M – EINE STADT SUCHT EINEN MÖRDER(Fritz Lang, Germany 1931, 8. & 10.10.) Lang's blend of a thriller, gangster film and psychological drama shows a society unsettled in lasting fashion. The fear of a psychopathic child murderer (Peter Lorre) pervades all social strata and does not stop at the members of the underworld. Lit in effective fashion, their leading lights meet in dark cellars, plan the hunt for the killer and eventually try him before a self-appointed tribunal.  

LA COMMARE SECCA (Bernardo Bertolucci, Italy 1962, 11. & 17.10.) The first fiction film by the only 21-year-old Bernardo Bertolucci, which was produced based on a treatment by Pier Paolo Pasolini, leads straight into the demimonde of Rome’s suburbs and its prostitutes, layabouts, small-time crooks and pimps. A dead prostitute in the park forms the starting point of the film, as the police interrogate all the suspects in the park that day. Their respective stories are translated into wonderfully flowing images by Bertolucci, with the focus clearly on the everyday and the incidental.

DET SJUNDE INSEGLET(The Seventh Seal, Ingmar Bergman, Sweden 1957, 14. & 21.10.) Ingmar Bergman's study on belief, doubt and the eternal question of the existence of God is set in the realm between life and death. In the late Middle Ages, knight Antonius Block returns from the Crusades to a Sweden ravaged by pestilence and poverty. He meets Death personified, who demands his life.  Not yet ready to die, he negotiates a respite for the length of a chess game with Death. He ultimately finds answers to his questions from traveling actor Jof, his wife Mia and a small child whose sense of savoir vivre is rooted in the everyday.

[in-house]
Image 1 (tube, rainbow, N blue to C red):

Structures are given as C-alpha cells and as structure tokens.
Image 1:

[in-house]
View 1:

DAS CABINET DES DR. CALIGARI (The Cabinet of Dr. Caligari, Robert Wiene, Germany 1920, 15. & 29.10, with a live piano accompaniment by Eunice Martins) Perhaps the most famous film of German Expressionism, which was presented in a newly restored print at this year’s Berlinale, leads the viewer into an in-between realm of hallucination: at a fair, Dr. Caligari (Werner Krauß) puts his medium, the somnambulant Cesare (Conrad Veidt) into a state of trance, whereby he is able to tell the future of the various bystanders present. At night though, the gaunt sleepwalker creeps through the small town under the influence of Caligari, killing those he finds. The search for the murderer leads to a terribly discovery.